What does the last stanza of the poem called "Keeping Things Whole" suggest?
This is a very clever but also serious and reflective poem that explores the impact of the poet's presence on the surroundings where he is. The first stanza acknowledges that when he is in a field he is "the absence / of field," and as the poet goes on to explain in the second stanza, wherever the poet walks, the air always has to part, and then flood back in to fill the space which he has just occupied. This sets up the final stanza of this poem:
We all have reasons
to keep things whole.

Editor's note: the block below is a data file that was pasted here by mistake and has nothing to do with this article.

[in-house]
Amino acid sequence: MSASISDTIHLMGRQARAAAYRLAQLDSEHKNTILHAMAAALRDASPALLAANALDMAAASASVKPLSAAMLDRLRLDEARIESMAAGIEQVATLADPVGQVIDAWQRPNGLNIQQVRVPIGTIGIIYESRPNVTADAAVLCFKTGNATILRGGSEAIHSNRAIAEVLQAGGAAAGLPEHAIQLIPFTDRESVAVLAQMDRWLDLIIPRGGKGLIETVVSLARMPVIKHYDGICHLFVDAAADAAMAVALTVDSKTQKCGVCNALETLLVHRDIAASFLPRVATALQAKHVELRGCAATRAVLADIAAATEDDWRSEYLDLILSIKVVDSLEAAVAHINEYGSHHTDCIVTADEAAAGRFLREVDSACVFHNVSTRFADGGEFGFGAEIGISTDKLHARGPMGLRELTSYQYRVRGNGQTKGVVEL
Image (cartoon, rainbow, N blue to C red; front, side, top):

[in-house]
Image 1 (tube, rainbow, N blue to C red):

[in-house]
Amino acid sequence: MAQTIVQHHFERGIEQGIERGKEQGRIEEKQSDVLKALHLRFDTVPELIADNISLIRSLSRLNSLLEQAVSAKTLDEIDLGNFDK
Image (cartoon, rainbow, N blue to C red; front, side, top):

The poet therefore believes that his presence in settings such as the field creates a sense of incompleteness, as he is in some ways disrupting the natural environment. Therefore, if he continues to keep on moving, he returns the setting that he occupies at that particular moment to its normal undisturbed self without his presence making it "the absence" of whatever it is. The final stanza is somewhat ironic, as the majority of people have very different reasons to keep on moving, but the speaker indicates that his reasons are much more philosophical.